A colonoscopy is a visual examination of the entire large intestine (colon) and rectum using a lighted, flexible tube called a colonoscope. A colonoscopy is commonly used to evaluate gastrointestinal symptoms, such as rectal and intestinal bleeding, abdominal pain, or changes in bowel habits. Colonoscopies are also performed in individuals without symptoms to check for colorectal polyps or cancer.
A screening colonoscopy is recommended for anyone 50 years of age and older, and for anyone with parents, siblings, or children with a history of colorectal cancer or polyps.
During a colonoscopy, your physician inserts the flexible scope into the anus and gently guides it through your entire colon. A tiny video camera on the tip of the scope allows the physician to view the inside of the colon and detect any changes or abnormalities. The procedure itself takes approximately 30 minutes and patients are sedated through an I.V. prior to starting the procedure. Our anesthesia team is present during the procedure to monitor your vitals. Most patients sleep through the exam and remember little to nothing about it.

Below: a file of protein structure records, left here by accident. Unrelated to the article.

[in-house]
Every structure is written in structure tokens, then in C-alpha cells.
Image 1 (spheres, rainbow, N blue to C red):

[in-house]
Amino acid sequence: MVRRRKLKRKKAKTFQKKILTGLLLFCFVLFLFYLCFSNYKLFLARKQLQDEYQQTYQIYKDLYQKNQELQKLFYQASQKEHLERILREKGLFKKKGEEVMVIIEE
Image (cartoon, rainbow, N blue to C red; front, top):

One of the most important parts of a colonoscopy is the cleansing of the bowel prior to the procedure. If the prep is not done correctly and the colon is not completely clean, it makes it difficult for the physician to identify some of the subtle lesions or flat polyps that can turn into cancer. Your physician will give you detailed written instructions for the days leading up to your colonoscopy. You should follow these very carefully so that your colon is clean when you arrive for your procedure.
Once your exam is complete and your sedative has sufficiently worn off, your physician will go over the findings with you and your family members. If the physician found and removed any polyps during the exam, these will be sent off to be examined by a pathology lab and we will notify you of the results. Your physician will also go over any concerns or questions you have and let you know when you need to return for your next colonoscopy based on his or her findings and current screening guidelines.
Patients are required to have someone drive them home after their procedure is complete. You may feel fine, but the lingering effects of the sedative make it dangerous for you to operate a vehicle. You will be able to resume normal activity the following day.